• Mario & Luigi: Bowser's Inside Story: While not showing one health, does this when the Glass Cannon type Daredevil Boots are equipped as an item. You have doubled attack, but one hit kills you outright. This is essentially a downgrade of Mario & Luigi: Superstar Saga's "Great Force" item, which doubled your attack power but halved your defense. (A One-Hit-Point Wonder is automatically more fragile than a Glass Cannon, no matter how frail the Glass Cannon is.)
  • Mega Man Battle Network 5: Team Colonel and Team ProtoMan: MegaMan can keep corrupting himself with Dark Chips (Each use of them subtracts 1 of his max Hit Points) until he becomes a literal One Hit Point Wonder. Though the enormous firepower of Dark Chips is enough to say the same about most enemies, if not bosses.
  • Muramasa: The Demon Blade: The Shigurui difficulty level turns your character into this. Although to balance it out, any time you're not in a bossfight, Death Is a Slap on the Wrist and as long as you have at least 1 sword intact, you can block pretty much any attack and not die from it. You can also do it in midair during some attacks, making it seem that the character is casually shrugging off an attack that should've killed'em several times over.
  • Phantom Brave: The Risk debuff turns anyone into this: any attack, no matter how weak or strong, either kills them instantly or misses them. Quite annoying when a randomly-generated dungeon gives this debuff to a roomful of enemies that you would one-hit kill anyway...
    • Makai Kingdom, working off a modified Phantom Brave engine, has the same effect.
  • Pokémon:
    • Shedinja is a unique example of this in a game that doesn't usually use it. While lifebars do exist in-game, Shedinja only ever has a single hit point (as in, the game is scripted in such a way that Shedinja can not have more than 1 HP. Anything that would cause its max HP to increase, such as leveling up or using certain items, either just don't or can't be used on it to begin with, respectively. Even the Dynamax mechanic from Generation VIII, which can double a Pokémon's max HP, has no effect on Shedinja's), making its own life bar rather pointless. It's kept from being a novelty Pokémon by its ability, "Wonder Guard", which protects it from all direct damage that isn't super effective. Unfortunately, Wonder Guard doesn't protect Shedinja from indirect damage; meaning everything from Status Effects, damaging weather such as hail or sandstorms, entry hazards like Stealth Rocks or Spikes, Leech Seed, and even recoil from its own attacks are fair game.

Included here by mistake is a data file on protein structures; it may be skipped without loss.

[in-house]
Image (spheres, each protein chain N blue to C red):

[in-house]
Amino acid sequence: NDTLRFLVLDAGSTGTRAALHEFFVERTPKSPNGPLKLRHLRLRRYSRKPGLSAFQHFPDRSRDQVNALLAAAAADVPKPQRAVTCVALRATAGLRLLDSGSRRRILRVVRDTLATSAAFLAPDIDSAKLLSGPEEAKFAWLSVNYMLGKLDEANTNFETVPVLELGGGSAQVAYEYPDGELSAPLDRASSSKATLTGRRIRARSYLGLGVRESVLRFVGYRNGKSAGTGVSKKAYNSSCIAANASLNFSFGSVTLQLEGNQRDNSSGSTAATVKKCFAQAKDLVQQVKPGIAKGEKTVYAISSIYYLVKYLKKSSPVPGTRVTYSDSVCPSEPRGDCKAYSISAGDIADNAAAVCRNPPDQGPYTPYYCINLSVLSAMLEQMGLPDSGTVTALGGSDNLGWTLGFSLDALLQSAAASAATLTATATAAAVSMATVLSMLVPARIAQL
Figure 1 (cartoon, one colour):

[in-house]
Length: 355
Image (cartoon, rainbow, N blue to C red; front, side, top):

• In the 3rd generation, the "?????" glitch will tend to faint after any opposing attack. It starts displaying no HP, though you can still choose a move or action. You could have "?????" if you entered a battle without your own creatures, unlike previous games where you might actually win by default. Getting it like this is usually prevented, if playing normally. Some ROM hacks will allow for the player to fight using one - often in a futile way - such as the incomplete Pokémon Desolate version (by BCT Elite) by accident, or the complete Pokémon Wild Oaks (by Luminesce) intentionally. The latter goes even further than this in its quest for exaggerated difficulty.
  • Shining Force:
    • Has this in the form of Jogurt, who has exactly one point in every single statistic. Though his hit points can be raised through items.
    • Jogurt was largely a Self-Imposed Challenge, though successfully defeating an enemy with him awards you with the Jogurt ring, which doesn't do anything but change the sprite of another character into Jogurt.